9:      {
  10:          public MapControl() { }
  11:   
  12:          DropDownList _ddlAccountTypes = new DropDownList();
  13:   
  14:          public DropDownList AccountTypes
  15:          {
  16:             get
  17:             {
  18:                 return _ddlAccountTypes;
  19:             }
  20:          }
  21:   
  22:          protected override void CreateChildControls()
  23:          {
  24:              Controls.Add(_ddlAccountTypes);
  25:          }
  26:      }
  27:  }

   1:  public class AccountMap : System.Web.UI.Page
   2:  {
   3:      protected void Page_Load(object sender, EventArgs e)
   4:      {
   5:        if (!IsPostBack)
   6:        {
   7:            mapControl.AccountTypes.DataSource = Accounts.GetAccounts(123);
   8:            mapControl.AccountTypes.DataBind();
   9:        }
  10:      }
  11:  }

As simple as it sounds whenever a postback was issued the data in the dropdownlist was lost. Now the first thought of any developer is probably that this is either a ViewState issue or a databinding issue.

Let's think about what happens when we perform data binding on a composite control. The benefit of inheriting from CompositeControl is that child controls have their ViewState automatically tracked and we don't have to go through the pain of the whole IPostBackEventHandler complexity and the loading and saving of ViewState.

So why do we lose our data upon postback? The problem is that ViewState is only tracked once it has been added to the Controls collection in the CreateChildControls() method. Therefore if we call DataBind() on a child control before it is added to the Controls collection then the ViewState is not being tracked. The result of this (apart from a massive headache) is that when we issue a postback we lose the ViewState information from out dropdownlist.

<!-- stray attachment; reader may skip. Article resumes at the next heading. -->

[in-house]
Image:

The solution? As painful as it is for me to say, make sure that you data bind after your child control has been added to the controls collection, as follows:

   1:  using System;
   2:  using System.Web;
   3:  using System.Web.UI.WebControls;
   4:  using System.ComponentModel;
   5:   
   6:  namespace SSControls
   7:  {
   8:      public class MapControl : CompositeControl
   9:      {
  10:          public MapControl() { }
  11:   
  12:          DropDownList _ddlAccountTypes = new DropDownList();
  13:   
  14:          public DropDownList AccountTypes
  15:          {
  16:             get
  17:             {
  18:                 return _ddlAccountTypes;
  19:             }
  20:          }
  21:   
  22:          protected override void CreateChildControls()
  23:          {
  24:              Controls.Add(_ddlAccountTypes);
  25:              if (!Page.IsPostBack)
  26:                  _ddlAccountTypes.DataBind();
  27:          }
  28:      }
  29:  }

   1:  public class AccountMap : System.Web.UI.Page
   2:  {
   3:      protected void Page_Load(object sender, EventArgs e)
   4:      {
   5:        if (!IsPostBack)
   6:        {
   7:            mapControl.AccountTypes.DataSource = Accounts.GetAccounts(123);
   8:        }
   9:      }
  10:  }

Now when a postback is issued your dropdownlist will have it's values tracked in ViewState and you will not lose data.